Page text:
Steelers star Brown ready to renew respectful rivalry with Browns' Haden

Steelers receiver Antonio Brown pulls in a second-quarter pass in front of the Browns' Joe Haden on Sunday, Nov. 24, 2013, in Cleveland.
Steelers receiver Antonio Brown pulls in a second-quarter pass in front of the Browns' Joe Haden on Sunday, Nov. 24, 2013, in Cleveland.
Photo by Chaz Palla | Tribune-Review
| Thursday, Sept. 4, 2014, 10:21 p.m.

It's 8 a.m. on Labor Day. Many Pittsburghers are taking advantage of the last summer holiday to sleep in, eat a late breakfast or frown at the dreary, sunshine-deprived sky.

Antonio Brown already is looking at game video and a lot of it. The first week of the NFL season brings the first big challenge for the Steelers' Pro Bowl receiver: a one-on-one matchup with Cleveland Browns Pro Bowl cornerback Joe Haden.

If Brown would snap on the NFL Network, he would hear it being called one of the best individual duels of NFL Week 1.

Despite Haden's speed, coverage skills, resume and newly negotiated $67.5 million contract, with $45 million guaranteed, Brown has had success against him: a 41-yard TD catch last season, a 79-yard TD catch in 2011, a 40-yarder that same season.

But, as Brown understands, if a player rests on what he has done in the past, he might not have much of a future.

So Brown watches, studies, remembers, strategizes.

“As I go through the day, I try to grasp coverage and what I think they're going to do and some of the looks I think I'm going to see,” he said. “Just try to focus on that.”

In the past, Haden alternated between press coverage and playing off Brown, who had 110 catches for 1,499 yards last season. Regardless of how he was played, Brown caught 12 of the 17 passes thrown his way with Haden in coverage for 237 yards and a 19.0 average.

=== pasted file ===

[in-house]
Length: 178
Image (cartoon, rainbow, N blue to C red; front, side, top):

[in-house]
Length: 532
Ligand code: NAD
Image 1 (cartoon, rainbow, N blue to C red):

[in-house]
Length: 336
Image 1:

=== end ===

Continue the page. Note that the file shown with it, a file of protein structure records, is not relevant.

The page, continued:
Play that way against every corner who defends him, and Brown would have a Hall of Fame career.

But Brown realizes first-year Browns coach Mike Pettine is sure to bring new schemes. The former Jets and Bills defensive coordinator loves press coverage and rolling an extra safety over — he often will play three safeties on passing downs.

Brown also expects Cleveland to try to pressure Ben Roethlisberger with five-under man fronts in which every offensive lineman must win a one-on-one battle to keep the quarterback clean.

Brown must prepare for it all.

“The first game, you've got to see what they do. They haven't really shown a lot on film,” Brown said.

Some cornerbacks try to distract him with constant chatter, but Brown said Haden won't. Their in-game communication is respectful, he said: “A lot of positive talk. ‘Good route.' ‘Good coverage.' ‘Good play.'

“It's not very controversial or negative.”

To Haden, Brown is one of the hardest receivers in the league to cover, along with Calvin Johnson, A.J. Green, Dez Bryant and the suspended Josh Gordon.

“My suggestion is that whoever is on him (Brown) pay close attention to him,” Haden said.

Brown has extra respect for Haden because he almost always shadows the other team's best receiver. Haden believes he does it well enough that over the summer he called himself the NFL's No. 1 cornerback.

“He's strong. He's really fast out of his breaks. He breaks on the ball really well, and he's a competitor,” Brown said. “Any time you've got a guy who can cover the best guy every game, who can follow the guy out of the huddle, he's a great player.”

Ike Taylor, who once did that for the Steelers, also admires Haden, saying, “He's got a cornerback attitude, regardless of whether he gets beat. He's going to be right back in your face, and you've got to play that way as a corner. And he plays like that every game.”

Brown knows Haden will play that way Sunday against him, and may the better man win.

“This is the perfect opportunity,” he said.

Alan Robinson is a staff writer for Trib Total Media. Reach him at or via Twitter @arobinson_Trib.

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